Spending decreased or froze at nearly two-thirds of hospitals in 2009, with budget pressures forcing many providers to negotiate aggressively with suppliers and payers, delay facility upgrades, freeze capital expenditures, cope with longer equipment replacement cycles and reduce staffing levels. While the majority of hospitals expect to make additional cuts this year, hospitals also are considering departmental budgets based on their strategic value (i.e., how pivotal a role the department plays in helping the hospital distinguish itself in the healthcare market), according to "The L.E.K. Consulting Hospital Purchasing Survey," a survey of more than 200 hospital executives from L.E.K. Consulting LLC in Boston.
"In fact, 76 percent of respondents believe that hospital differentiation is important, and a key strategy to increasing revenues," says L.E.K. "This broad notion of differentiation typically incorporates activities including outsourcing, separation of specialized services, mergers and acquisitions, and a focus on complete personal health."
So even with the recession-driven financial constraints, hospitals are maintaining or even increasing strategic program budgets, particularly for patient safety, which can help hospitals improve their reputations in chosen specialties. "Almost all respondents indicate that patient safety, infection control and patient-error initiatives will not be cut," states L.E.K. "Hospitals of all sizes are committed to reducing errors and infection rates, and more than one-third of respondents are willing to increase spending by 10 [percent] or more to do so."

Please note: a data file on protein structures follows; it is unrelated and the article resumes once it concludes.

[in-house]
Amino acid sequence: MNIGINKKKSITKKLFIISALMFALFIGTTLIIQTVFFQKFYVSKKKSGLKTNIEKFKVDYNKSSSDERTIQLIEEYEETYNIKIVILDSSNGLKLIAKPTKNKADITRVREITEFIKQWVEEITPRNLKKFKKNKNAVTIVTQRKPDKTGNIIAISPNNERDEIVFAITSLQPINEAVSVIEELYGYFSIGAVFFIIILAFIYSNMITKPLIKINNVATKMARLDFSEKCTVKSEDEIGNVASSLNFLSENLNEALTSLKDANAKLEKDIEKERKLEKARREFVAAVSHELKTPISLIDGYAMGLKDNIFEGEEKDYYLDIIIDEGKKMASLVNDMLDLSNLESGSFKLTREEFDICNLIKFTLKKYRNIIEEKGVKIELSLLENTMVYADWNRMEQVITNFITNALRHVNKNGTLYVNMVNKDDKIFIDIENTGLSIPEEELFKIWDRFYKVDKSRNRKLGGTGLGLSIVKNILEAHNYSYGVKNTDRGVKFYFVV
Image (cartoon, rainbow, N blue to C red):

In addition, more than 90 percent of hospital executives expect healthcare reform to result in increased information technology (IT) spending, and most hospitals will continue to increase their IT investments through 2014 as they implement physician order entry systems, electronic health records and enhanced IT-based patient monitoring and safety programs.
To learn more about the study:
- read the L.E.K. press release
- here's the executive summary